Does it seem like there are a lot more tourists, tuk-tuks, displaced electrical scooters, and, strangely enough, burnt trash bins around Lisbon this summer? Or is it just us..? Anyhoo, be careful out there, folks, and stay hydrated — we’re still up in the 30s during high noon for the next few days. In the meantime, here’s some cool concerts and stuff going on around town towards sundown tonight and this weekend, plus some daytime art happening now and all the way through the coming winter:
It seems that this summer there’s also a lot more jazz than usual in Lisbon. Tonight, two Brazilians (a saxophonist and an electric bass player), a Norwegian drummer, and a Portuguese trumpeter who together make up the ensemble VAGA come to Auditório Liceu Camões to play some improvisational jazz for you, yours, and a popular local radio station. Entry is free.
Meanwhile, Má Língua welcomes Juan Ferracioli and his Viola Caipira Experience. In said experience, Juan uses a traditional Portuguese 10-string guitar (the viola caipira) and harmonicas to blend some Brazilian sounds and improvised solos. Entry is 3€, and there’s air-conditioning.
Jul 22-Sept 4 (weekly)
STREET THEATER AND MUSIC FESTIVAL:
The Seven Suns Seven Moons Festival hit Oeiras last month for nine Fridays of 2€ concerts by musicians from 30 cities in 10 different countries. Tonight it’s Cape Verde. Plus, there are free street theater performances and open-air cinema screenings, both for kids and adults, on a few Saturdays and Sundays in between, all through September.
ENGLISH-SPEAKING ADULT COMEDY SHOW:
Tomorrow night, Selva Lisboa invites you to American Sex Brain. Here you will hear a local United States-ian named Ash tell stories about gender dynamics, cocaine, prostitution, masturbation in front of a bible, and, among others, one about a woman and a dog. And if all goes well, you’ll laugh. Tickets are 8-10€.
While that’s happening, self-described as “the best group in Campo de Ourique and maybe in the Universe and surroundings” Ena Pá 2000 comes to Titanic Sur Mer with a show entitled Chicks Chicks Chicks (and LGBTQ) and promises to sing songs “with only girls’ names in them.” Also, ladies enter free of charge (no word on the boys).
SEMI-HIPPY CONCERT AND PIZZA:
Brazilian-born local musician and producer Cleison Monteiro presents YIN YANG ! at La Sharada — a song and guitar concert that, accompanied by two friends on drums, flute, and backing vocals, is “colored by mestizo Grooves” and “walks as a voice towards the preservation and harmony between the living beings of forests and cities.” Entry is 3€ (and the pizza is authentic Italian).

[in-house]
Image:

ONE-MAN COVER BAND CONCERT:
And also tomorrow night, neither the Latin pop star nor the Portuguese football player who share his name but rather lesser-known local guitar player and singer Marco Matias comes to Cine Incrível to do some “bluesy rock, indie, and pop acoustic covers.” Entry is 5€.
Now through Dec 11
Atlas’ own editor-in-chief (and, among other things, 1920s fashion connoisseur) recently shot the breeze with the curators of and checked out Lisbon’s Roaring Twenties exhibit at the Museu de Lisboa, and it seems that this journey back in time is well worth a visit or two. Tickets are 3€.
Now through Jan 8
ANOTHER HISTORICAL EXHIBIT:
You know that dude on a horse in Praça do Comercio, aka one of the most well-recognized symbols (well, with the background, that is) of this fine city? Well, that’s King José, and José didn’t invite the man who made him immortal, as well as a bunch of other iconic stuff all around town, to its inauguration. However, 200 years after his death (and all year long), Museu de Lisboa is honoring said man and his contribution to Portuguese art, history, culture, politics, and selfie opportunities with Machado de Castro in Lisbon: The Laboratory of Sculpture. Entry is 3€.
You can find plenty more cool stuff happening around town next week, month, and onwards via our events calendar. Have a good weekend, and keep that heart fire burning bright, dear Lisbon.
“The photojournalist Patricia de Melo Moreira examines the fishing industry and local traditions in Peniche and Lisbon. Sardines account for two-thirds of Portugal’s fishing catch and sustain a major canning